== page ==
After known power run game advocate Greg Roman was fired as Buffalo Bills offensive coordinator two games into the 2016 season, Anthony Lynn, a coach with a zone blocking scheme background, took over.
He knew he had to make due with Roman’s playbook, but as it turns out, Lynn incorporated a lot of the zone running plays he learned in his time under Mike Shanahan. Remember, Lynn himself ran in Shanahan’s zone blocking scheme in Denver, and got his professional coaching start with the Broncos.
In fact, the 2016 Bills should be labeled as a zone running team based on these percentages:
The breakdown of run plays by concept in the 2016 NFL season: pic.twitter.com/TzWI7E9sTl— Jeff Ratcliffe (@JeffRatcliffe) March 14, 2017
Of the 69.3% of “normal” running plays, only 20.3% were man or power plays, a staple of the Stanford - Jim Harbaugh - Roman offense.
But nearly 50% of those runs were “zone” plays.
These distinctions are vital not only to reflect on the 2016 campaign but also to glance at what’s ahead for the 2017 Bills offense under the direction of Shanahan disciple Rick Dennison.
How effective were the Bills on specific run plays? As you likely know, Buffalo’s entire rushing attack was elite in 2016, but this tweet from Jeff Ratcliffe of Pro Football Focus adds important to tell this intriguing story:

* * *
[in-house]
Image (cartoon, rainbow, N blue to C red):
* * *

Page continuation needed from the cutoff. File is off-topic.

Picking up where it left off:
Yards before contact per attempt by run concept for NFL offensive lines in 2016: pic.twitter.com/BFmhlWDktj— Jeff Ratcliffe (@JeffRatcliffe) March 14, 2017
Under Lynn’s watchful eye, on a yards-before-contact basis, the Bills were the best inside zone running team in the NFL by a wide margin.
As far as the outside zone play, only the Falcons (2.11 yards-before-contact-per-carry) performed better than the Bills (2.00 YBCPC).
Buffalo was fantastic on power run plays too (2.75 YBCPC), yet the utilization of either type of zone run (inside or outside) averaged a combined 2.74 yards before contact per carry, while either a man or power play equated to 2.0 YBCPC.
Dennison has spent his entire NFL coaching career learning the intricacies of the zone-blocking scheme under either Mike Shanahan or Gary Kubiak.
And based on the immense success Buffalo had with the inside zone run play (and the outside zone run play) in 2016, there won’t be nearly as big of a learning curve as many expected — or, really, any learning curve at all — going from a Roman / Lynn coordinated rushing attack to the run game Dennison will institute in 2017.